> > + struct bio *bio = &s->bio.bio;
> > + memcpy(bio, s->orig_bio, sizeof(struct bio));
> > +
> > +#ifdef CONFIG_DISKMON
>
> Contamination.

Ugh, yep.

>
> > + bio->bi_flowid = NULL;
> > +#endif
> > + bio->bi_end_io = request_endio;
> > + bio->bi_private = &s->cl;
> > + bio->bi_destructor = NULL;
> > + atomic_set(&bio->bi_cnt, 3);
> > +}
> > +
> > +static struct search *do_bio_hook(struct bio *bio, struct bcache_device *d)
> > +{
> > + struct bio_vec *bv;
> > + struct search *s = mempool_alloc(d->c->search, GFP_NOIO);
> > + memset(s, 0, offsetof(struct search, op.keys));
> > +
> > + __closure_init(&s->cl, NULL);
> > + __closure_init(&s->op.cl, &s->cl);
> > +
> > + s->op.d = d;
> > + s->op.lock = -1;
> > + s->task = get_current();
>
> Please use current instead of get_current().

Done.

>
> > + s->orig_bio = bio;
> > + s->write = bio->bi_rw & REQ_WRITE;
> > + s->op.flush_journal = bio->bi_rw & REQ_FLUSH;
> > + s->recoverable = 1;
> > + __do_bio_hook(s);
> > +
> > + if (bio->bi_size != bio_segments(bio) * PAGE_SIZE) {
> > + bv = mempool_alloc(d->unaligned_bvec, GFP_NOIO);
> > + memcpy(bv, bio_iovec(bio),
> > + sizeof(struct bio_vec) * bio_segments(bio));
> > +
> > + s->bio.bio.bi_io_vec = bv;
> > + s->unaligned_bvec = 1;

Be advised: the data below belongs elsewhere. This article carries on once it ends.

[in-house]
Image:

> > + }
> > +
> > + return s;
> > +}
> ...
> > +static bool should_writeback(struct cached_dev *d, struct bio *bio)
> > +{
> > + return !atomic_read(&d->disk.detaching) &&
> > + cache_mode(d, bio) == CACHE_MODE_WRITEBACK &&
> > + (d->disk.c->gc_stats.in_use < (bio->bi_rw & REQ_SYNC)
> > + ? CUTOFF_WRITEBACK_SYNC
> > + : CUTOFF_WRITEBACK);
>
> The formatting of the CUTOFF_WRITEBACK* test is atrocious. It almost
> looks like it's trying to mislead the reader. For $DIETY's sake, use
> a local variable for the threshold value or split the condition into a
> few "if () return;" clauses.

I clearly have different tastes than you here (it parses easily to me),
but the local variable for the threshold is a great idea - doing that.

>
> > +}
> > +
> > +static void request_write_resubmit(struct closure *cl)
> > +{
> > + struct btree_op *op = container_of(cl, struct btree_op, cl);
> > + struct search *s = container_of(op, struct search, op);
> > + struct bio *bio = &s->bio.bio;
> > +
> > + closure_bio_submit(bio, &s->cl, op->d->c->bio_split);
> > +
> > + bio_insert(&s->op.cl);
> > + continue_at(&s->cl, cached_dev_write_complete, NULL);
> > +}
>
> I'm kinda turned off by closure here too. It doesn't really seem to